HIV vaccine trial did not prevent infections
The clinical trial of a HIV vaccine in the US has found that it does not lower the risk of acquiring HIV, and in some cases may actually increase the risk of contracting the infection.
Researchers have analysed blood samples of the trial’s 2677 participants to try to assess why the vaccine, developed by Merck Research Laboratories, was not effective.
The results, which were published online by the Lancet this week, show that the vaccine did not prevent infection in those not previously infected with HIV, nor did it reduce the amount of virus in participants who became infected with HIV through exposure from an infected person while taking part in the trial.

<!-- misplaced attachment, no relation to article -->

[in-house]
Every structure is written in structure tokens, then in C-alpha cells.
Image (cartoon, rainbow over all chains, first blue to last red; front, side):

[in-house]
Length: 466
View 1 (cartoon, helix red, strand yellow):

In fact, people given the vaccine had a slightly higher risk of HIV infection. However, this increased risk was only seen in men who received the vaccine who were uncircumcised or had pre-existing immunity to adenovirus type 5, the cold virus used as a carrier for the vaccine, compared to those that received placebo.
The reasons for this increased risk are now being investigated. The researchers have stressed in their report that the vaccine itself cannot cause HIV.
Health officials, however, are remaining positive about the outcome of the study.
Larry Corey, principal investigator of the HIV Vaccine Trials Network (HVTN) said in a statement: “This trial stands as a landmark clinical HIV vaccine investigation that has profoundly informed the entire HIV vaccine research field.”
Peter Kim, President of Merck Research Laboratories, said: “As disappointing as the outcome of the study was, we will continue to follow the study participants and conduct additional analyses as part of Merck’s commitment to a comprehensive approach to address the complex challenges of the AIDS pandemic.”